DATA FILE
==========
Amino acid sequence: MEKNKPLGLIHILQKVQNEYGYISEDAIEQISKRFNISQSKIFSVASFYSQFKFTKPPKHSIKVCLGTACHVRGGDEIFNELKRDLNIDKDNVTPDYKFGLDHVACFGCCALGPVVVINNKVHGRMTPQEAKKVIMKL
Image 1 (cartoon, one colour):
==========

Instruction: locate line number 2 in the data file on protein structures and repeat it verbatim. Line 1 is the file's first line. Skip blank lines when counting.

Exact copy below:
Image 1 (cartoon, one colour):